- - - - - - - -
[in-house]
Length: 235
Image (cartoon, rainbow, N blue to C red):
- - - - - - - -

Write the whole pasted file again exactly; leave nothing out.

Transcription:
[in-house]
Length: 235
Image (cartoon, rainbow, N blue to C red):